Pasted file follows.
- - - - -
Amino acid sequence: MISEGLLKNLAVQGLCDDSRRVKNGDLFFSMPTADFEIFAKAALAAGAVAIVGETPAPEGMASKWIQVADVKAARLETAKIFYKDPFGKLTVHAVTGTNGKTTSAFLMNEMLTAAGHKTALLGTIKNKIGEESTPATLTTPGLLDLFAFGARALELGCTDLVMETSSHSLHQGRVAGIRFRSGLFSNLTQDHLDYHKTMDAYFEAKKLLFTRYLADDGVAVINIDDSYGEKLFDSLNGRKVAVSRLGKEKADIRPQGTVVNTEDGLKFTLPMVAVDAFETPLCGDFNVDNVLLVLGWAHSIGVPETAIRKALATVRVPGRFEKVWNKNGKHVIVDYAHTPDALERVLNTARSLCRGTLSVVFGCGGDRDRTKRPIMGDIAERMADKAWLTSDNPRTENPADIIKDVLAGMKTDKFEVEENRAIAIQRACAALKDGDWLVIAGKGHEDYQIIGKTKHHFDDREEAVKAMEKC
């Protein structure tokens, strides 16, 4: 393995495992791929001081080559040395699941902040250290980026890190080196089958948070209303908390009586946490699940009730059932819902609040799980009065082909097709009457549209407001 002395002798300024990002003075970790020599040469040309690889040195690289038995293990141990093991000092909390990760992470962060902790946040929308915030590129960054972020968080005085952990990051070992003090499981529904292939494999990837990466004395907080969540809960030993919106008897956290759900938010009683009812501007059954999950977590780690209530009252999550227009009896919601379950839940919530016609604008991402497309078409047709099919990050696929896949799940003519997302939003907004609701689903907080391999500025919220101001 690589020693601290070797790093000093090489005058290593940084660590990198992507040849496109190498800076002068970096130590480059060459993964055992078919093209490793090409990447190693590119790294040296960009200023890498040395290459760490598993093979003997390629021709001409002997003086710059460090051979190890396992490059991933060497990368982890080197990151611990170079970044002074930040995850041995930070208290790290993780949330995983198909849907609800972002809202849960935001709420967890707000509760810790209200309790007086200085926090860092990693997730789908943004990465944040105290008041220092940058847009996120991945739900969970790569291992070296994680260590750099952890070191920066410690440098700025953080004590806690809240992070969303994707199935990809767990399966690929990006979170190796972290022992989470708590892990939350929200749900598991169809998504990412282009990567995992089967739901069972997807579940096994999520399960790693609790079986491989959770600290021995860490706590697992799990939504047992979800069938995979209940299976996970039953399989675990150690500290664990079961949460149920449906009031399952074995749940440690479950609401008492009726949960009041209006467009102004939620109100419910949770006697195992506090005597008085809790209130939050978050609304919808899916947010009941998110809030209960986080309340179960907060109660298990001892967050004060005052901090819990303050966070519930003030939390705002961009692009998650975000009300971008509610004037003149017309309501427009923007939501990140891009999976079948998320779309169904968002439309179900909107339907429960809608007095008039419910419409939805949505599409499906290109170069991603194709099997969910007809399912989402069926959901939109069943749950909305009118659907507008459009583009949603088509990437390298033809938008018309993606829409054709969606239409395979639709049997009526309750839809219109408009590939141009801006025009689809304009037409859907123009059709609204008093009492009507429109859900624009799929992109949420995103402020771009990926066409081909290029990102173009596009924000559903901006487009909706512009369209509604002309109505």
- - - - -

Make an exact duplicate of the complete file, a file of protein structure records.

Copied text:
Amino acid sequence: MISEGLLKNLAVQGLCDDSRRVKNGDLFFSMPTADFEIFAKAALAAGAVAIVGETPAPEGMASKWIQVADVKAARLETAKIFYKDPFGKLTVHAVTGTNGKTTSAFLMNEMLTAAGHKTALLGTIKNKIGEESTPATLTTPGLLDLFAFGARALELGCTDLVMETSSHSLHQGRVAGIRFRSGLFSNLTQDHLDYHKTMDAYFEAKKLLFTRYLADDGVAVINIDDSYGEKLFDSLNGRKVAVSRLGKEKADIRPQGTVVNTEDGLKFTLPMVAVDAFETPLCGDFNVDNVLLVLGWAHSIGVPETAIRKALATVRVPGRFEKVWNKNGKHVIVDYAHTPDALERVLNTARSLCRGTLSVVFGCGGDRDRTKRPIMGDIAERMADKAWLTSDNPRTENPADIIKDVLAGMKTDKFEVEENRAIAIQRACAALKDGDWLVIAGKGHEDYQIIGKTKHHFDDREEAVKAMEKC
């Protein structure tokens, strides 16, 4: 393995495992791929001081080559040395699941902040250290980026890190080196089958948070209303908390009586946490699940009730059932819902609040799980009065082909097709009457549209407001 002395002798300024990002003075970790020599040469040309690889040195690289038995293990141990093991000092909390990760992470962060902790946040929308915030590129960054972020968080005085952990990051070992003090499981529904292939494999990837990466004395907080969540809960030993919106008897956290759900938010009683009812501007059954999950977590780690209530009252999550227009009896919601379950839940919530016609604008991402497309078409047709099919990050696929896949799940003519997302939003907004609701689903907080391999500025919220101001 690589020693601290070797790093000093090489005058290593940084660590990198992507040849496109190498800076002068970096130590480059060459993964055992078919093209490793090409990447190693590119790294040296960009200023890498040395290459760490598993093979003997390629021709001409002997003086710059460090051979190890396992490059991933060497990368982890080197990151611990170079970044002074930040995850041995930070208290790290993780949330995983198909849907609800972002809202849960935001709420967890707000509760810790209200309790007086200085926090860092990693997730789908943004990465944040105290008041220092940058847009996120991945739900969970790569291992070296994680260590750099952890070191920066410690440098700025953080004590806690809240992070969303994707199935990809767990399966690929990006979170190796972290022992989470708590892990939350929200749900598991169809998504990412282009990567995992089967739901069972997807579940096994999520399960790693609790079986491989959770600290021995860490706590697992799990939504047992979800069938995979209940299976996970039953399989675990150690500290664990079961949460149920449906009031399952074995749940440690479950609401008492009726949960009041209006467009102004939620109100419910949770006697195992506090005597008085809790209130939050978050609304919808899916947010009941998110809030209960986080309340179960907060109660298990001892967050004060005052901090819990303050966070519930003030939390705002961009692009998650975000009300971008509610004037003149017309309501427009923007939501990140891009999976079948998320779309169904968002439309179900909107339907429960809608007095008039419910419409939805949505599409499906290109170069991603194709099997969910007809399912989402069926959901939109069943749950909305009118659907507008459009583009949603088509990437390298033809938008018309993606829409054709969606239409395979639709049997009526309750839809219109408009590939141009801006025009689809304009037409859907123009059709609204008093009492009507429109859900624009799929992109949420995103402020771009990926066409081909290029990102173009596009924000559903901006487009909706512009369209509604002309109505």